If a bill like the one suggested does pass, I think things will change and games will become more condusive to art as Yahtzee puts it, when they are actually forced to provide a tangible product again. Even when it comes to information I've been hearing the idea that any kind of "virtual property" will likely need to be backed by a trust as part of it's development. That trust being established to maintain the continued existence of anything they accept money for, and access to digital property. One stumbling block is finding a way to make this retroactively applicable given how the laws are written out of context to the current problem so they can say force Valve to make sure STEAM has an ongoing trust in place to ensure if the company goes under people can maintain access to their virtual property in perpetuity. Something which we probably now realize should have been done to begin with. This also means if they keep making "live service" games they would all have to including financing to make sure that service never goes away and there will always be somewhere ensuring access to the virtual property as if money changes hands the buyer is going to be entitled to it… or that is how I understand the intent here.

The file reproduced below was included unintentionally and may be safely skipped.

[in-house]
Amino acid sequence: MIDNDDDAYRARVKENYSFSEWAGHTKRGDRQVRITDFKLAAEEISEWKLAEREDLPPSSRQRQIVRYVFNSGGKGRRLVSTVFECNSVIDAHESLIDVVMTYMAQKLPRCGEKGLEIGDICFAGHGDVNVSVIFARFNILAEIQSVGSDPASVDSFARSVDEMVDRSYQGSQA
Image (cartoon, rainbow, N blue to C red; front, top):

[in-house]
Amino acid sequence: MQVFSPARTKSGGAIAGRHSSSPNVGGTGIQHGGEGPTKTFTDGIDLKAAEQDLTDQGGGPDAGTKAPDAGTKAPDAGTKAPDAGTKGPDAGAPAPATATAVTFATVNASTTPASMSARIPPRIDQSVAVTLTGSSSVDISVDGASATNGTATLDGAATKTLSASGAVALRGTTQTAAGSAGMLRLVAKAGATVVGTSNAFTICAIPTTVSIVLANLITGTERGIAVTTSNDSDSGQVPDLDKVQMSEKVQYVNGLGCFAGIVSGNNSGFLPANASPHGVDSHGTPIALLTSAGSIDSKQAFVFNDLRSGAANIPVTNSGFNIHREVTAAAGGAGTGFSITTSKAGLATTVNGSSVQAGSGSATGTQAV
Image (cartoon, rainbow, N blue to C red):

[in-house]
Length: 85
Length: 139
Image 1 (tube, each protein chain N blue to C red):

27. Feels a bit like a narrow definition of art. From my experience Art is a really difficult concept to define, especially consistently. I often don't even like to draw such heavy boundries around it as it also seems so fluid at times. There's a lot of stuff we call art now that has either never existed or never been called Art. Take for example the guy who taped a banana to a wall or the one who signed a urinal and put it up at an art auction. Also the guy who sold jars of "100% real Artists Shit" as artwork. One mans art is another mans fancy wall decoration.

  28. not all games are art. as not all images are art. would you call my passport foto art?